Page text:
William de Beaufoe Bishop of Thetford had also a lordship
granted him by the Conqueror, which he held as a lay fee belonging
to 2 freemen; Helias and Rainold held it under the commendation
or protection of Almarus Bishop of Elmham, in the time of the Confessor, consisting of 57 acres of land, and 6 of meadow, and a carucate, &c. valued then at 6s. 8d. at the survey at 5s. Of these, and several other freemen in different towns adjoining, the King and the
Earl had the soc, and sac. (fn. 4)
At the death of Bishop Beaufoe, it came by his grant, with many
other lordships, to the see of Norwich. Walter Suffield, Bishop, had
a charter for free warren, in the 35th of Henry III. as lord; the family
of de Caston had an interest in it under the Bishops and the Lord
Bardolf, as a member of the Bishop's capital manor of Blofield.
In the 3d of Henry IV. the jury present, that Hugh Rightwise,
John Bole, and their parceners held lands, late James Rightwise's and
Thomas de Hindringham's, of the Lord Bardolf, and he of the Bishop; likewise lands of the Castons, by the same tenure.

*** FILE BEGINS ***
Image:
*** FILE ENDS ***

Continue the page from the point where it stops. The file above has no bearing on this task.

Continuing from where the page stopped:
Sir Thomas Kerdeston, in the 26th of Henry VI. appears by
his will to have the 3d part of the profits of the passage at this ferry,
which came to him by descent, and the rent of a quarter of great salt
paid by the tenants. (fn. 5)
The tenths were 3l. 16s.—Deducted 16s.
Temporalities of Hickling priory 18d.—of Norwich priory 15d.
In Buckenham-Hall were these arms, — azure, a chevron argent, between three - - -, or; Nokes impaling p. pale, gules and azure on a fess
wavy argent, between three croslets, pattée. or, as many crescents
sable, Godsalve.—Godsalve and Townshend.—Godsalve and Shelton.—
Godsalve, and barry of six, or and azure, in chief three mullets, sable
—. — Also Blundevile and Godsalve—Godsalve impaling quarterly, in the 1st and 4th sable, a fess counterembattled, between three
lis, argent, 2d and 3d, an unicorn sable, attired or, and Semyet a cross
croslet of the last.—Godsalve, impaling quarterly argent, a chevron